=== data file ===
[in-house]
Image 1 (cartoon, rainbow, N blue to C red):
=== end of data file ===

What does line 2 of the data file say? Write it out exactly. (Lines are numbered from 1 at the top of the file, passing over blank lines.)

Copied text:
Image 1 (cartoon, rainbow, N blue to C red):